The external fund manager backed by Berkshire Hathaway's Charlie Munger, Li Lu, makes no bones about it when he says 'The biggest investment risk is not the volatility of prices, but whether you will suffer a permanent loss of capital.' When we think about how risky a company is, we always like to look at its use of debt, since debt overload can lead to ruin. We note that Kothari Petrochemicals Limited (NSE:KOTHARIPET) does have debt on its balance sheet. But the more important question is: how much risk is that debt creating?
Why Does Debt Bring Risk?
Generally speaking, debt only becomes a real problem when a company can't easily pay it off, either by raising capital or with its own cash flow. Part and parcel of capitalism is the process of 'creative destruction' where failed businesses are mercilessly liquidated by their bankers. However, a more usual (but still expensive) situation is where a company must dilute shareholders at a cheap share price simply to get debt under control. Of course, plenty of companies use debt to fund growth, without any negative consequences. When we think about a company's use of debt, we first look at cash and debt together.
What Is Kothari Petrochemicals's Net Debt?
The image below, which you can click on for greater detail, shows that Kothari Petrochemicals had debt of ₹274.7m at the end of March 2019, a reduction from ₹335.8m over a year. However, it does have ₹54.9m in cash offsetting this, leading to net debt of about ₹219.7m.
How Healthy Is Kothari Petrochemicals's Balance Sheet?
Zooming in on the latest balance sheet data, we can see that Kothari Petrochemicals had liabilities of ₹510.1m due within 12 months and liabilities of ₹134.0m due beyond that. On the other hand, it had cash of ₹54.9m and ₹223.2m worth of receivables due within a year. So its liabilities total ₹365.9m more than the combination of its cash and short-term receivables.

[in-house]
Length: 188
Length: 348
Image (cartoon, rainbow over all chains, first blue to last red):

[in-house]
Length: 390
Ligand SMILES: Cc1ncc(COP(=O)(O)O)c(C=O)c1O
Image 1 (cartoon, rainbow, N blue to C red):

Kothari Petrochemicals has a market capitalization of ₹1.04b, so it could very likely raise cash to ameliorate its balance sheet, if the need arose. But we definitely want to keep our eyes open to indications that its debt is bringing too much risk.
We use two main ratios to inform us about debt levels relative to earnings. The first is net debt divided by earnings before interest, tax, depreciation, and amortization (EBITDA), while the second is how many times its earnings before interest and tax (EBIT) covers its interest expense (or its interest cover, for short). Thus we consider debt relative to earnings both with and without depreciation and amortization expenses.
With net debt sitting at just 0.92 times EBITDA, Kothari Petrochemicals is arguably pretty conservatively geared. And it boasts interest cover of 8.0 times, which is more than adequate. Another good sign is that Kothari Petrochemicals has been able to increase its EBIT by 22% in twelve months, making it easier to pay down debt. When analysing debt levels, the balance sheet is the obvious place to start. But it is Kothari Petrochemicals's earnings that will influence how the balance sheet holds up in the future. So when considering debt, it's definitely worth looking at the earnings trend. Click here for an interactive snapshot.
Finally, a company can only pay off debt with cold hard cash, not accounting profits. So the logical step is to look at the proportion of that EBIT that is matched by actual free cash flow. Considering the last three years, Kothari Petrochemicals actually recorded a cash outflow, overall. Debt is usually more expensive, and almost always more risky in the hands of a company with negative free cash flow. Shareholders ought to hope for and improvement.
Based on what we've seen Kothari Petrochemicals is not finding it easy conversion of EBIT to free cash flow, but the other factors we considered give us cause to be optimistic. There's no doubt that its ability to grow its EBIT is pretty flash. Looking at all this data makes us feel a little cautious about Kothari Petrochemicals's debt levels. While debt does have its upside in higher potential returns, we think shareholders should definitely consider how debt levels might make the stock more risky. Over time, share prices tend to follow earnings per share, so if you're interested in Kothari Petrochemicals, you may well want to click here to check an interactive graph of its earnings per share history.
At the end of the day, it's often better to focus on companies that are free from net debt. You can access our special list of such companies (all with a track record of profit growth). It's free.
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If you spot an error that warrants correction, please contact the editor at firstname.lastname@example.org. This article by Simply Wall St is general in nature. It does not constitute a recommendation to buy or sell any stock, and does not take account of your objectives, or your financial situation. Simply Wall St has no position in the stocks mentioned. Thank you for reading.